Posted: 15th September 2016

In this article I’ve interviewed seven leading VR/AR developers to better understand their motivations, challenges, and hopes for the future of the platform. I’ve summarised their answers below.

The people interviewed were:
Patrick O’Luanaigh of nDreams (VR only)
James Marsden of Futurlab (traditional and VR games)
Martin de Ronde of Force Field (VR/AR)
Dave Ranyard - independent VR developer (VR only)
Jason Kingsley of Rebellion (traditional and VR games)
Sam Watts of Tammeka Games (VR only)
Mark Knowles-Lee of Fracture Games (AR only)

Q1. What motivates you to develop for VR?
•New challenges - the unknown.
•New experiences – possible through new interactions.
•Innovation – new possibilities for creativity.
•New opportunities - cutting through the noise of other games.

Q2. How do you decide which platforms to target?
•Target them all. Many of the studios stated that they’re device agnostic.
•Target platforms with unique differentiators. i.e. if a specific device has a differentiating feature, how can you make best use of that.
•Go where the audience is. E.g nDreams only develop for devices which they think will sell over one million units.)
•The game concept dictates the platform.
•Make use of existing partnerships. E.g Futurelab have a fruitful relationship with Sony so it was natural for them to begin working on PlayStation VR.

 


Q3. What are the specific development issues you face?
•People’s variation in sensitivity makes it difficult to design for. Several studios comment about always needing ‘fresh’ players who have not yet built up a tolerance to VR.
•Risk. Studios commented that they weren’t sure how big the market will be for some platforms. E.g. Sony have a huge advantage in this area due to its large install base and lower cost of the VR headset.
•The lack of a VR IDE. In particular judgements made on scale, lighting and legibility makes development a clunky iterative process (guess, build, test).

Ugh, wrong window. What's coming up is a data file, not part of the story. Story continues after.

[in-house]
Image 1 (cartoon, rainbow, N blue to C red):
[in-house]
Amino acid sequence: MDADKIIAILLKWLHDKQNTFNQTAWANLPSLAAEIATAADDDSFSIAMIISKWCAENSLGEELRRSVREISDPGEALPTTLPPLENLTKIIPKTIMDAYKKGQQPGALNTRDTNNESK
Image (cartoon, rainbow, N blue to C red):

•Difficulty in accessing hardware.
•Need to prototype even the smallest feature. Some things you think will work just don’t. Don’t assume anything or rely on your past experience.

Q4. How do you design for VR?
•Test everything – assume nothing.
•Comfort is king so be prepared to throw things away - if a feature reduces player comfort for any reason, it has to go.
•Change your thinking. Whereas in traditional game dev you want to turn everything up to 11, be more reserved for VR.
•Is your experience unique to VR? Could your game only exist in VR? If not, then perhaps it’s not really a VR game, but rather a VR ‘version’ of a traditional game.

 

 

 


Q5. How do you evaluate the VR experience?
•User test with as many people as possible due to player variation.
•Aim for player comfort first, then emotion.
•Is it compelling? The experience should be unlike anything else players have experience before.
•Get platform owner feedback.

Q6. What are the key lessons you’ve learned so far?
•Player comfort is king. A variety of issues emerged from the studios, however above all is player comfort and making sure your tech and design choices are in line with delivering it.
•Experiment. Some things you think will work don’t, and some things which shouldn’t work do.
•Technical aspects underlying VR are hugely important. It doesn’t matter how great your game idea is, no one will enjoy it if the tech can’t support it.
•Poor design leads to motion sickness, not just frustration.

Q7. What kinds of new games / genres / interactions does VR allow?
•It may be go beyond games, into experiences
•A greater range of input, such as whole body interaction.
•Increased presence - the potential for a greater social experience than ever before.
•Design specifically for VR. Don’t ‘port’ your game from the traditional screen into VR.

Q8. Do you have any concerns?
•Health and safety.
•Market adoption.
•Business models.
•‘Bad’ VR games may put many people off. There are already some awful VR experiences out there getting high profile exposure, and these may put people off for a long time.

 

 

 

 


Q9. Will VR be a Success?

 

 

 

•VR will be a success.  Our experts are  certain that VR will be a success, however that may take longer to happen than expected.

 

•VR will not replace ‘traditional’ games, it’s just another way to experience them.
•AR is likely to eclipse VR for non-entertainment applications.


Summary - Developing for VR Top Lessons Learned
Bear in mind that I only spoke to studios who had already invested in VR development, so this is not a representative sample of developers. So, taking the most popular responses from these developers, here’s the top lessons learned:
•Player comfort is key.
•Test your assumptions.
•There is an opportunity here, but it is a risk.
•Is your game unique and compelling for VR?
•VR will not replace traditional games, it’s an alternative.
•VR will be a success, but it might take some time.

Graham McAllister, Director, Player Research
Graham is the Director of Player Research, an award-winning games user research and playtesting studio based in Brighton, UK. 

 

 

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